Jose Ferreira and David Kuntz Shape the Discussion on the Future of Learning
New York, N.Y., January 13, 2010 — Knewton, a leading online educational technology company, announced today that its adaptive learning engine is being analyzed by scholars at the Institute For Advanced Study (IAS) as part of a year-long effort to “translate insights gained from recent experimentation into enduring knowledge about education and democracy.” The IAS is one of the world’s leading centers for theoretical research and intellectual inquiry. Jose Ferreira, Knewton’s Founder and CEO, and David Kuntz, Vice President of Research, will be speaking at the IAS’s School of Social Science Dewey Seminar—Education, Schools and the State—on Friday, January 15 in Princeton, New Jersey.
At the Dewey Seminar Symposium on Technology and Education, Jose Ferreira will share Knewton’s vision of how its adaptive learning platform will revolutionize education. Educational materials are moving en masse to the Internet, and personalized learning is going to be the key to improving educational practices around the world. Knewton plans to facilitate the tagging and organizing of all this material in order to deliver and assess learning items. Through data mining, Knewton aims to present custom, optimized learning content for each individual student.
David Kuntz, the former Head of Research for Interactive Learning at ETS, will be on hand to address the critical role of assessment in Knewton’s vision. Specifically, he will discuss how the vast amount of data available to the platform both enables and demands the need for new assessment models, in order to guide and support students in relation to an expanded set of competencies. Real-time formative assessments will help students function productively within multidisciplinary teams, identify and solve problems (with innovative solutions), and communicate effectively.
“The personal web is coming; that is for sure. The question is whether the educational system will be prepared to harness its potential,” said Ferreira. “Through research institutes such as the IAS, Knewton is helping the industry embrace the web by leveraging cost-effective, advanced technologies that can help determine what works, for whom, and under what conditions to help shape the future of education.”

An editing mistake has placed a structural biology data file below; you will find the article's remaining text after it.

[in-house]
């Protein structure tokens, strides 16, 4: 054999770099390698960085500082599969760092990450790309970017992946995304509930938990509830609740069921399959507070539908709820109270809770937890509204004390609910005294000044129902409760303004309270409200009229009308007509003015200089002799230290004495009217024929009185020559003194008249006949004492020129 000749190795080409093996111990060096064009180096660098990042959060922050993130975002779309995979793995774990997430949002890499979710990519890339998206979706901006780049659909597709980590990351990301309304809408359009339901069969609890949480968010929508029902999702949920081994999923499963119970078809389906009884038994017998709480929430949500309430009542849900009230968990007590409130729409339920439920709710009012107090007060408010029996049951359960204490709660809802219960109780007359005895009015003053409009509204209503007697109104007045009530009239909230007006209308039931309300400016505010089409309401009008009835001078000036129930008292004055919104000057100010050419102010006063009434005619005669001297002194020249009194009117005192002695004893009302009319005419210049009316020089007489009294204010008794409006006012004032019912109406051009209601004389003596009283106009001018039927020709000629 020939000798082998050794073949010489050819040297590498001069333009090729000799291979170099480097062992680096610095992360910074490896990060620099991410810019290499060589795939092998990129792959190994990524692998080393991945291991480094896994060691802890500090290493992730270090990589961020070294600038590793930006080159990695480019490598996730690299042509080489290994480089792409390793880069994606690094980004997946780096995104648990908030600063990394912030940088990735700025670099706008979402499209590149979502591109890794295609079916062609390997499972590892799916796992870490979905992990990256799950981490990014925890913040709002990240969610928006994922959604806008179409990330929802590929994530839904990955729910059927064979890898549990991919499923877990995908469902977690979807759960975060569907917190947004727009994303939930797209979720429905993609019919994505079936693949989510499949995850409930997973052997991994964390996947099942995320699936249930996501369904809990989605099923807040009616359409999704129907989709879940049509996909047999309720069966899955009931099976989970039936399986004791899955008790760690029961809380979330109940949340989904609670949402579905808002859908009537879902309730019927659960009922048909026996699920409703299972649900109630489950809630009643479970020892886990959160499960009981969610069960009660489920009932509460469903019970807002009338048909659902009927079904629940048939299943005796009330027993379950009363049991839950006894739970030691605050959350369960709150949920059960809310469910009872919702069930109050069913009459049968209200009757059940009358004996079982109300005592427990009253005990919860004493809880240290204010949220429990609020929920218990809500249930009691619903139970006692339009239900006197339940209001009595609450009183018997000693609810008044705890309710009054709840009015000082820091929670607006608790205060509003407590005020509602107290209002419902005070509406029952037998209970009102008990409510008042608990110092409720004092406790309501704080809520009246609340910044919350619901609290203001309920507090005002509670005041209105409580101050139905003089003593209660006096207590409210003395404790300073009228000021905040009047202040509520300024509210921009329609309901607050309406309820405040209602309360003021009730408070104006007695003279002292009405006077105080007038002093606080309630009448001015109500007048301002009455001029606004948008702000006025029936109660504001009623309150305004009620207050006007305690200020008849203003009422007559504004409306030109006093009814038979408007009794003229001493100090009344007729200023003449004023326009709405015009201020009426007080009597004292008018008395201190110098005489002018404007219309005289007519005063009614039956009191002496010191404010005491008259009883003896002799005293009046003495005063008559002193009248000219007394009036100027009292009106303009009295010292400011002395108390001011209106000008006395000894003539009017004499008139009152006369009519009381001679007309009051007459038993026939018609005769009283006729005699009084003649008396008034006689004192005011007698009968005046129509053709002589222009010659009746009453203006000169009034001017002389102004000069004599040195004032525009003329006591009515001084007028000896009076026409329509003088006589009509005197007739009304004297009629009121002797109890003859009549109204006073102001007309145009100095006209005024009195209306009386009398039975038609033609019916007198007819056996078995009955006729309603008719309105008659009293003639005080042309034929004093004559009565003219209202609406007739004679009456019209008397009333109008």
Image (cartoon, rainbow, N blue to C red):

The Dewey Seminar will explore the interrelationships among education, justice, schools, and the state. The symposia are held in order to “incorporate insights from the field and to draw on the reflective intelligence of the country’s most imaginative and effective education practitioners.” Past scholars at the Institute for Advanced Study include Albert Einstein, Kurt Gödel, and J. Robert Oppenheimer. The Institute’s School of Social Science takes as its mission the analysis of societies and social change, and is devoted to a multidisciplinary, comparative, and international approach to social research.
Knewton is developing the industry’s most powerful adaptive learning engine, customizing educational content to meet the individual needs of each student. Knewton delivers content matching each student’s ideal learning trajectory and preferred medium. Knewton’s GMAT prep and LSAT prep courses provide live and on-demand instruction from the country’s brightest and most experienced teachers, powered by an adaptive learning engine that targets a student’s individual strengths and weaknesses. Unlike traditional classroom test prep, Knewton’s revolutionary approach delivers customized educational content in a media format (text, video, etc.) that works best for the student. Knewton was founded by Jose Ferreira, a former executive at Kaplan, with funding from Bessemer Venture Partners, Accel Partners, First Round Capital and prominent angel investors. Knewton also plans to apply its online adaptive learning technology to the textbook industry.